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ARI Blog: Article

Restoration Insurance: Your Work Exclusions

That project you just finished may not be covered by your insurance the way you think it is. This is because although the commercial general liability (CGL) policy may cover bodily injury or property damage to others resulting from your product or work, the policy expressly excludes damage to your property, product, or work.

Restoration contractors need to understand that the products and completed operations limit do not change what is covered under your general liability policy. This limit is simply the bucket of money available to pay for occurrences arising from the contractor’s products and completed operations. The CGL policy pays for certain damages caused by an event that occurred during the policy period. Coverage comes from the policy in force when the occurrence happens, not necessarily from the policy when the work was done.

If the contractor’s property, product, and work are excluded, what does the CGL policy cover for contractors?

The CGL policy is designed to cover bodily injury, property damage, or personal and advertising injury to others. If a contractor builds a wall and falls on someone else’s car, that would be property damage to others. Similarly, if the wall falls and injures a stranger walking down the street, that would be a bodily injury to others. Both of these should be covered under the CGL policy. However, if the wall simply falls and the only damage is to the wall itself, then there is no property damage or bodily injury to others. The CGL policy specifically excludes: “J) that particular part of real property on which you or your subcontractor was performing operations, K) your product, and L) your work.”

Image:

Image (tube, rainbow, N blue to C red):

The CGL policy intends to cover the defective product or work but the damage resulting from the bad outcome. Courts call this damage “resulting damage.” Courts have held that the CGL policy coverage applies only to resulting damage caused by the insured’s’ defective work. Coverage does not apply to the cost incurred to repair and replace the contractor’s lousy work. The risk of replacing or repairing faulty materials or poor artistry has been considered a commercial risk not passed onto a liability insurer.

Imagine that a particularly bad painter is hired to paint all of the walls in a hotel. All of the walls need to be repainted at the cost of $100,000. The painter also regularly spilled paint, causing $100,000 in damage to the carpets. The hotel feels like it is owed $200,000 for its damages and files a claim against the painter’s CGL policy. Assuming that the contractor was not intentionally painting the carpet, there should be coverage for the $100,000 in damage to the carpets because this damage resulted from the contractor’s work on the walls. However, the $100,000 in damage to the walls will be excluded as the contractor’s product, work, or that particular part of the property on which the contractor was performing operations.


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